Anish Kapoor

An exhibition view of Anish Kapoor's sculpture titled Body to Body
Anish Kapoor, in collaboration with The Fabric Workshop and Museum, Philadelphia, Body to Body, 1997. Wool and fiberglass. 115 x 58 x 9.5 inches (292.1 x 147.32 x 24.13 cm). Edition 2 of 2. Collection of The Fabric Workshop and Museum. Photo Credit: Carlos Avendaño.

Anish Kapoor collaborated with FWM to explore the possibilities of felted and woven wool—both handmade and industrially-produced. Although the medium was entirely new to the artist, the resulting series of sculptures shares its overall aesthetic sensibility with the whole of Kapoor’s oeuvre. Color and form are paramount, playing an allegorical role in communicating the sculptures’ meaning. The color red, for example, is primary in Kapoor’s work; through non-verbal cues, it denotes the intimacy of the body through associations with blood, sexuality, birth, and death. As three-dimensional objects, Kapoor’s forms often use illusion to heighten the sense of depth or lend mystery to the piece. Curving, organic, sensuous shapes, the sculptures often evoke the human body, particularly wombs, navels, and phalluses.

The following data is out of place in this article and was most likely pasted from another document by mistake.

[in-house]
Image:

Body to Body is formed by the artist’s careful manipulation of layers of woven felt, supported in part by a fiberglass structure, which allows the hanging, bulbous form in the sculpture’s center to hold its shape. The long, sensual drape of deep red felt spills onto the floor, pooled in rippled valleys of cloth. In Untitled, Kapoor transforms a large white square of industrial felt by simple twists, folds and turns, and then imbeds a red wool sphere in this undulating field of white.

The essence of Kapoor’s artistic practice is to evoke a sense of mystery, or the experience of the sublime. In a 2000 interview on BBC radio, Kapoor explained of his work: “As an artist, I suppose that one of the things I’m working with is mystery. I sense also that we all have a deep need to believe. I think that process of wishing to believe is mysterious. It’s one of the things I’m feeling my way towards” (Belief, BBC Radio 3, December 28, 2000).